At seven weeks, the limb buds have grown into arms and legs. Nostrils can be seen on the embryo's face. The heart now has four chambers.
At eight weeks, the eyes and ears are growing, and your baby is about 2cm long from crown to rump. The head is out of proportion with the body and the face is developing. The brain and the blood vessels in the head can be seen through the thin skin. The bones in the arms and legs start to harden and elbows and knees become apparent. Fingers and toes can also be seen.
What is known as the embryonic period finishes at the end of week 8 and the fetal period begins. This period sees rapid growth of the fetus, and the further development of the organs and tissues that were formed in the embryonic period.
At week 9 the head is almost half the crown to rump length of the fetus. Then the body grows substantially in length until by week 12, the head is more in proportion. By the time you are 12 weeks' "pregnant", your baby is just over 5cm long from crown to rump.
Its body is fully formed, including ears, toes and fingers complete with fingernails. The external genitals appeared in week 9, and now, by week 12, have fully differentiated into male or female genitals. By week 12 the eyes have moved to the front of the face and the eyelids remain closed together.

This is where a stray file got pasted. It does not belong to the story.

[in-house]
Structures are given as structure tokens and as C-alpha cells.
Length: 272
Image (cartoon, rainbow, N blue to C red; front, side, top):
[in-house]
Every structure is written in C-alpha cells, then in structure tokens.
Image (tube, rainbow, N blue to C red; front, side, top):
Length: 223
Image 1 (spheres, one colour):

Your baby may suck its thumb now. By 14 weeks your baby will be about 9-10cm long. Its body is now covered with a layer of fine hair called lanugo. By 16 weeks its face is becoming more human in appearance, although the chin is small and the mouth is quite wide. Between 16 and 24 weeks you should feel your baby move for the first time - it may at first feel like butterflies.
The rapid growth that your baby has been experiencing now begins to slow a little. By week 20 your baby measures about 18cm from crown to rump and is half as long as it will be when born. The legs are now in proportion with the body and the fingernails are well developed. Faint eyebrows are visible. At this stage, you will feel your baby moving about a lot, often when you lie down.
By 24 weeks your baby's organs are fully formed. The baby now has the face of a newborn baby, although the eyes are rather prominent because fat pads are yet to build up in the baby's cheeks. The eyelids are fused until weeks 25 to 26 when they open.